An excerpt from Bishop N.T. Wright's Easter Vigil sermon, "Living in God's Future--Now," delivered in Durham Cathedral. Click here to read the full text of the sermon.
My friends are surprised by the fact that I actually like a lot of Wright's theology. As a liberal theologian myself, I find most of Wright's conservative writings to be very clear in what he says--I appreciate that, especially given his Kingdom theology.
"But the Easter message generates two other things which are quite new. Yes, we must live our lives from the coming future – but we now know much more clearly what that coming future is, and that gives particular point and direction to the people we are to choose to become, to the habits we are to choose to develop. And yes, forming habits of character is vital, even though it’s difficult, but for the Christian the all-important difference is that we don’t do it alone. We don’t develop these habits all by ourselves. We do it, basically, with the help and energy of God’s spirit; and we do it in company, all of us together. After all, the most basic Christian habit is love, and you can’t do love all by yourself.
"Let’s think about these two things for a moment. The resurrection of Jesus, the great fact at the heart of the Easter faith, means that we now know, suddenly and in a blinding flash, what our ultimate future will be. Our ultimate future isn’t just that we bumble along trying to live the present life a little bit better until one day we decay and die, and end up either in the grave or in a disembodied heaven or perhaps both. Our ultimate future is that we will be raised to new life in God’s new world, not only to inhabit God’s new creation, a world full of beauty and life and justice and freedom, but actually to run it on God’s behalf. That’s a solid New Testament truth which the church usually keeps quiet about, but it’s time to get it out of the cupboard, blow the dust off it, and see what it means for today. Running God’s world won’t mean, of course, arrogantly imposing our own will on it; it will mean being God’s stewards, and ruling with his gentle, wise love. To be Easter people, we are called to anticipate, here and now, that future vocation, to look after God’s world on his behalf, and to gather up the praises of creation and present them before the creator. Stewardship and worship, the practice of being kings and priests, are the habits of heart and life that Easter people must acquire.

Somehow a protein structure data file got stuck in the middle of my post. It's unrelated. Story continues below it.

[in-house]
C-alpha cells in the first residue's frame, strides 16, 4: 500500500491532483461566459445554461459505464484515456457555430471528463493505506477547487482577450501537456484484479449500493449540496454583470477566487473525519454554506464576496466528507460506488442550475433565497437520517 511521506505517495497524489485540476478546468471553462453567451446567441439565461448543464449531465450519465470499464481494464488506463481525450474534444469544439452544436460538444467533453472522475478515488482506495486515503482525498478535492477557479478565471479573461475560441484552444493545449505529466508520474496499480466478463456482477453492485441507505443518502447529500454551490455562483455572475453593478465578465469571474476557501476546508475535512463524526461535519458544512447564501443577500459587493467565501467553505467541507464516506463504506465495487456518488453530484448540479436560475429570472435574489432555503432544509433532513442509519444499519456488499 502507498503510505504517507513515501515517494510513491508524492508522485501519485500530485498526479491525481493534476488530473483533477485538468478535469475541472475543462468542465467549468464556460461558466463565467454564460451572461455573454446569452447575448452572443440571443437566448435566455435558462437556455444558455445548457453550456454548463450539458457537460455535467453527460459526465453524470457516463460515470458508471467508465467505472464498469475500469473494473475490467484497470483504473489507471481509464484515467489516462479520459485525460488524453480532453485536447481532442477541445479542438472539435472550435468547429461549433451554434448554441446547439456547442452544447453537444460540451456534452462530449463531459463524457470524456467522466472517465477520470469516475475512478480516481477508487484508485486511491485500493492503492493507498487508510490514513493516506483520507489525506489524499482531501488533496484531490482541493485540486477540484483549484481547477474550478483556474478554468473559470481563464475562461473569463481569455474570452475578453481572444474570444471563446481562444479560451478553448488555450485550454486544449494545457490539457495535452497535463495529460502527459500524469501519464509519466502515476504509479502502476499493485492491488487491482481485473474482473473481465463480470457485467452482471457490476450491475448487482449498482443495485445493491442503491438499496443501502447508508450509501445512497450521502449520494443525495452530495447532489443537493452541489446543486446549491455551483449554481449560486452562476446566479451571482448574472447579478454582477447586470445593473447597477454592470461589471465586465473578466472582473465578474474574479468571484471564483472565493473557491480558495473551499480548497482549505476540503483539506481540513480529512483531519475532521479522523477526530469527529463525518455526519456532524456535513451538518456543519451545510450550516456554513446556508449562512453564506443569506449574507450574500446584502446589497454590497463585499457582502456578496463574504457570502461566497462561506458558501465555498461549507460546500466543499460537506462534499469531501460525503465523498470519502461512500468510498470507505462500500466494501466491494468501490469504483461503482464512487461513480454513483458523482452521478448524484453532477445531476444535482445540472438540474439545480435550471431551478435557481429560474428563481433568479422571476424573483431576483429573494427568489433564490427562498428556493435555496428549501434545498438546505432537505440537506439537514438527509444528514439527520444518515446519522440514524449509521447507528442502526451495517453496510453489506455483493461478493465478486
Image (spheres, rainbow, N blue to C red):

"Our ultimate future is that we will be raised to new life in God’s new world, not only to inhabit God’s new creation, a world full of beauty and life and justice and freedom, but actually to run it on God’s behalf."
"Stewardship and worship take a thousand different forms. Stewardship means working for God’s justice in the world, for the health and flourishing of the planet and all who live on it, for God’s wise order and exuberant freedom to come to birth in all directions. Pray, in the days to come, about the ways in which God wants you to be a steward in his creation. That’s what you’re going to be doing in the resurrection life; start practicing now. Worship means celebrating God’s powerful deeds in history, in your own history, in your community; it means summing up the praises of the whole creation and expressing them, articulately and with understanding and delight, in the presence of the God who made you, loves you and has redeemed you. Pray, in the days to come, about the ways in which God wants you to worship him, where that should be, how often you should come to the eucharist, and how to worship in private as well. Worship is what you’re going to be doing in the resurrection life; start practicing now."